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If I want to describe a car owned by Peter, I will say "Peter's car".

But how do I describe the car his teacher owns? "Peter teacher's car" or do I have to be descriptive: "the car of Peter's teacher"?

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up vote 10 down vote accepted

Don't forget your apostrophes to indicate possession.

I would say "Peter's teacher's car" is fine. You could even extend it to "Peter's teacher's car's seat's cushion" if you wanted, but it isn't very elegant.

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I though that possession is written without apostrophe. From the basic example it's (it is) vs. its (something belonging to it). –  Let_Me_Be Aug 11 '11 at 13:58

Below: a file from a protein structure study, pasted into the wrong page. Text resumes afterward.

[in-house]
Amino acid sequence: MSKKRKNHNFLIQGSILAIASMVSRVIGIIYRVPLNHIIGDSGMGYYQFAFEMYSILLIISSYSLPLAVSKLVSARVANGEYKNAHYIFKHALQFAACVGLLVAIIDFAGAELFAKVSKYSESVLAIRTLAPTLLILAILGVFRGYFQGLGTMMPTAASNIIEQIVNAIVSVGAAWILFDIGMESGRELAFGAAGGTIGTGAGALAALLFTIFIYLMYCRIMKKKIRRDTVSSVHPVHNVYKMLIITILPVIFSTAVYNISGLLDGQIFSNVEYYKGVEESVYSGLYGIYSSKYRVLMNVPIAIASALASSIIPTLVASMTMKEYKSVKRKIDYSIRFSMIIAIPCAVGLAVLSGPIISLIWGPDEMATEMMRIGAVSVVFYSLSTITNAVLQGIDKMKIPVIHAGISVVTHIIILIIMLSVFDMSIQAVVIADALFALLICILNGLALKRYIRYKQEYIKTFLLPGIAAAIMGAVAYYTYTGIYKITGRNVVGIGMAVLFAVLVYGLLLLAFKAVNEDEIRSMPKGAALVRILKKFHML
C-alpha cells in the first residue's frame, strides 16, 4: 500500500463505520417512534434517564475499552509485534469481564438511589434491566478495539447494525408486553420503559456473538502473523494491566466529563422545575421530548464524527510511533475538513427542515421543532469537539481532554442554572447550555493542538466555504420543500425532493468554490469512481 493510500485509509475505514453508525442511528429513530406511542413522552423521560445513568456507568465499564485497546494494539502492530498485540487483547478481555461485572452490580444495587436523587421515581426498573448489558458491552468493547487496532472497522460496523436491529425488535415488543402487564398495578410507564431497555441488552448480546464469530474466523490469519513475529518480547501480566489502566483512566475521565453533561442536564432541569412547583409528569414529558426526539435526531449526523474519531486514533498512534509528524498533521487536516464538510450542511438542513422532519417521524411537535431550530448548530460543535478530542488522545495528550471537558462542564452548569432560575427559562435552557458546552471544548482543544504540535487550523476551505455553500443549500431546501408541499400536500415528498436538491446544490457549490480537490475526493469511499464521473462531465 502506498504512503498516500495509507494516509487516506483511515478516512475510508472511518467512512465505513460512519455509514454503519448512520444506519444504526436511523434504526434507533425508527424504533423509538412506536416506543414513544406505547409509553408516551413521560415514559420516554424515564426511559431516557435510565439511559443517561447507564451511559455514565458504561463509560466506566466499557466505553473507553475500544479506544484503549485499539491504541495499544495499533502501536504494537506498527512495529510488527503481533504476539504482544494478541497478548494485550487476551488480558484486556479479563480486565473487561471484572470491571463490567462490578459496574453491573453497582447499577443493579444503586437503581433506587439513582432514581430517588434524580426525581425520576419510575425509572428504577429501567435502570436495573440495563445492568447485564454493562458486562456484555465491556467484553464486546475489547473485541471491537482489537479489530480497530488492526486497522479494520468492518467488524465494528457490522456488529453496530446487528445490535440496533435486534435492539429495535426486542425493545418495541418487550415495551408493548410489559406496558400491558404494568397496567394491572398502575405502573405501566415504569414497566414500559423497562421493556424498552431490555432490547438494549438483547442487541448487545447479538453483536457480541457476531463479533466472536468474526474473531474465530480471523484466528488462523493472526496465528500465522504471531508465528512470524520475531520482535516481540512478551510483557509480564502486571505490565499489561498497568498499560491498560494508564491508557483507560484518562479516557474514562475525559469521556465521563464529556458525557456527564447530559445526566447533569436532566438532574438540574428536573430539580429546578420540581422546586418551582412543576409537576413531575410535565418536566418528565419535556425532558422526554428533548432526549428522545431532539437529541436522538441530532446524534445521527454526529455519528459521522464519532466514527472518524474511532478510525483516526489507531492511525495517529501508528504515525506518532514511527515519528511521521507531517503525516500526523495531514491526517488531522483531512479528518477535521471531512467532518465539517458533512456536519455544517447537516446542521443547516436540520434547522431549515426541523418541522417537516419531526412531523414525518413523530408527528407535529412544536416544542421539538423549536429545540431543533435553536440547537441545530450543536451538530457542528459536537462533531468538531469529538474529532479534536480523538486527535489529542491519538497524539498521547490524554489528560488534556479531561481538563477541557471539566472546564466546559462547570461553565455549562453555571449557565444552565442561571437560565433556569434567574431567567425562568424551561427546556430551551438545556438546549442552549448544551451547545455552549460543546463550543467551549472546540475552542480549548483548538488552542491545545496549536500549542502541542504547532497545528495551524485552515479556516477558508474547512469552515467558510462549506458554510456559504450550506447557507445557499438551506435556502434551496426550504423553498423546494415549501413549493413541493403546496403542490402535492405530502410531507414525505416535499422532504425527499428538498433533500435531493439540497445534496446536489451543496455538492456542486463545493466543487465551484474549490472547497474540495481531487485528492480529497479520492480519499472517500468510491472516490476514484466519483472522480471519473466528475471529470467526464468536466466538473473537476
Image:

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@Let_Me_Be: That's one of the exceptions to the rule. –  Mr. Shiny and New 安宇 Aug 11 '11 at 14:09
    
@Let_Me_Be: the apostrophe in "it's" (it is) is to indicate the omission of the second letter i. As Mr. Shiny and New said, the possessive "its" is an exception to the rule and hence the apostrophe is omitted, despite it indicating possession. –  Sir Crispalot Aug 11 '11 at 14:35
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@Let_Me_Be: Other exceptions include "their" instead of the incorrect "they's", and "our" instead of the incorrect "us's". –  oosterwal Aug 11 '11 at 16:47
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